Is software distribution coming out of the dark ages?
You can’t go to a software conference, read a tech blog, or curl up in bed with a good industry report these days without some mention of digital transformation. It’s one of those topics that’s frequently mentioned, but rarely defined. When did it start? What does it mean? How will we know when it’s done? For every company, the answer is something different.
However, despite the fact that everyone talks about digital transformation everywhere and all the time, it’s worth keeping in mind that it will likely be over sooner than you think. Consider one industry that has already come out on the other side of this transition: cameras.
For more than hundred years, cameras were just cameras. Once digital cameras came along, the two technologies–film and digital–co-existed side by side for several years. However, these days it’s impossible to find a film camera at your local big box retailer, one-hour photo kiosks have all been turned into drive-thru coffee stands, and not a single person in your office under the age of 27 has ever owned a film camera. The “digital camera” is now the standard.
It will be the same for almost every facet of business. Right now enterprises undergoing digital transformation have one foot in legacy systems and one foot in the cloud. However, as legacy systems reach their end of life, digital will no longer be a choice. It will be the new normal.
As we were researching our 2018 State of Software Distribution Report, we saw this tension between legacy and digital first hand. Many IT leaders are still struggling to distribute content, files and updates across their networks due to an ungainly infrastructure. Legacy systems, along with legacy processes and mindsets, have made it difficult to keep up with the velocity of digital.
Take Windows as an example. Ever since Windows 95, enterprises have had a system in place that revolves around slow, meticulously planned operating system and patch updates. But with Windows 10, Microsoft will be moving users to a Windows as a Service model. Rather than updating the operating system every few years, IT teams will need to manage a constant, continuous stream of updates to their Windows endpoints.
For enterprises used to lengthy test periods and rolling out a patch months after release, their IT teams are going to soon be bogged down in a backload of updates to distribute. According to our research, 45% of enterprises must wait a month or more to install vital security patches. That’s not sustainable for Windows 10 or all the other applications that are moving to a cloud model.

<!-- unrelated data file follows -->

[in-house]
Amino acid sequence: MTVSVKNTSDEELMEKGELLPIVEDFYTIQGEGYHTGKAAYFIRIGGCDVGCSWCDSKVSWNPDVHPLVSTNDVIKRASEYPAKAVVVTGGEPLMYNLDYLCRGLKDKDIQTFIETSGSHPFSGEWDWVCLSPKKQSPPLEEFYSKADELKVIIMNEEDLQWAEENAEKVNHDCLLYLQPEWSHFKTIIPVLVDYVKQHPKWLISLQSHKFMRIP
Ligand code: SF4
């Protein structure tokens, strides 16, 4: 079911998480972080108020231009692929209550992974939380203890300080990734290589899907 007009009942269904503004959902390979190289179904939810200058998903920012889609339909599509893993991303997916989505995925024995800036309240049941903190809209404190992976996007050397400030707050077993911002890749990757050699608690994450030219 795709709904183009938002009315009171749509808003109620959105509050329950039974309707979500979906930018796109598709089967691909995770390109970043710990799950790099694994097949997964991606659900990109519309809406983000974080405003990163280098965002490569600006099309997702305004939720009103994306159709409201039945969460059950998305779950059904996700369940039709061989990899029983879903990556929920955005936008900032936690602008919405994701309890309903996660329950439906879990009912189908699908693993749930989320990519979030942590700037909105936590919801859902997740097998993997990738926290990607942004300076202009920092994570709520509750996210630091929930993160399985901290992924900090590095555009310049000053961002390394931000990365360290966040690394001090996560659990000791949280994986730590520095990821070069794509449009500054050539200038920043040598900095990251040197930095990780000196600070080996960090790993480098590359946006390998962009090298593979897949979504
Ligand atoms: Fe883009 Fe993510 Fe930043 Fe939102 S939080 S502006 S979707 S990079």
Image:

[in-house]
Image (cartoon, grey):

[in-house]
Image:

In a sense, software distribution is still stuck in the dark ages. Talking to IT managers, we found that a third of large business struggle to distribute content, files and updates across their networks, while nearly half of IT teams at enterprises with more than 100,000 endpoints said the same thing. In fact, 13% said they’ve given up on trying to enact and manage a systematic software distribution process. Instead, they leave it up to employees to update their own devices. Knowing that a single data breach on a single device can cost your company millions, can you honestly trust that every last employee is going to keep every last device up-to-date and secure? Even Brad in accounts payable?
The good news is that digital transformation is shifting attitudes around software distribution from the dark ages to a distribution renaissance. While only 18% of IT managers see the adoption of an SD ECDN as a priority in 2018, twice as many recognize that a failure to install updates is their greatest security threat. As trends like the cloud, Windows 10, distributed workforces and large content like live video become more of the norm, SD ECDN provides the most promise for scaling large content deliveries and thus improving the reliability of software distribution.
As we consider the state of software distribution in 2018, it’s worth taking a second to think about what the state of software distribution might be ten years from now. If we were able to get our hands on a copy of the 2028 State of Software Distribution Report, we’d see a world where Windows as a Service is a fact of life, everything is on the cloud, and where IoT devices outnumber humans by a factor of thousands. Automated technologies like peering platforms will keep everything secure by ensuring patch delivery while conserving bandwidth. In this future, software distribution will be constant and nearly instantaneous. I don’t know what issues will worry IT leaders in 2028, but I don’t think patching will be one of them.
While that sounds impossible now, just ask the camera industry–a lot can change in ten years. The golden age of software distribution will be here sooner than you think.
SIX MONTHS UNTIL THE END OF WINDOWS 7 SUPPORT
Don’t let Windows become your next big security risk
Microsoft will end included support for Windows 7 on January 14, 2020, yet almost one-fifth (18%) of large enterprises still haven’t completed their migration to Windows 10. Learn what options IT teams have to prepare for the end of Windows 7 and to manage the regular cadence of Windows as a Service updates.
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